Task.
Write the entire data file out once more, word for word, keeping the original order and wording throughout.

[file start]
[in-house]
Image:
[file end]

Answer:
[in-house]
Image: